From August 2021 EU/EEA/Swiss nationals will no longer be eligible for 'Home' fee status. EU/EEA/Swiss nationals will be classified as 'International' for fee purposes, more information can be found on our fees page.
- Home - full-time: £9250
- International - full-time: £17370
It’s not currently possible for international students to study part-time if you require a Tier 4 student visa, however this is currently being reviewed and will be confirmed in the new year. Please read our visa guidance in the interim for more information. If you think you might be eligible to study part-time while being on another visa type, please contact our Admissions Team for more information.
If you are looking to pay your fees please see our guide to making a payment.
In addition to your tuition fees, you'll be responsible for any additional costs associated with your course, such as buying stationery and paying for photocopying. You can find out more about what you need to budget for on our study costs page.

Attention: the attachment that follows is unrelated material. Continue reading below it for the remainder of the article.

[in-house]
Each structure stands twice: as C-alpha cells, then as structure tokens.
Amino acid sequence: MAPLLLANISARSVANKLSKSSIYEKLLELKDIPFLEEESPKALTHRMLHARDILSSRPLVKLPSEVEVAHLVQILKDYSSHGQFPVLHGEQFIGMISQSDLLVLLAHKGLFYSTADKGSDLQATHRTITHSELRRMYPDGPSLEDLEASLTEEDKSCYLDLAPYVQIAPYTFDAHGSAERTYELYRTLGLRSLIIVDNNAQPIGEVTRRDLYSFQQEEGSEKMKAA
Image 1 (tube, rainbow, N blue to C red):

There may also be specific additional costs associated with your programme. This can include things like paying for field trips or specialist materials for your assignments. Please check the programme specification for more information.
If you successfully achieve the progression requirements of the foundation year, you can continue with the full-time three-year BA Anthropology, which will enable you to develop the following skills:
- Communication skills (including public speaking, developing and presenting an argument, note taking, report writing)
- Analytical thinking
- Awareness of social, political and cultural processes
The particular set of skills associated with anthropology, including development of awareness of social and cultural difference, and learning to think ‘outside the box’, provides a good foundation for a number of career paths.
Our students have been successful in a range of areas, from postgraduate research and teaching in higher education, to film making and other media careers, journalism, and museum curating, to applied or advocacy work for NGOs and development agencies.
Our particular emphasis on public anthropology encourages our students to explore options in a range of practice-based and public sector career paths. You can find out more about career paths after an Anthropology degree on our Anthropology careers page.
Find out more about employability at Goldsmiths.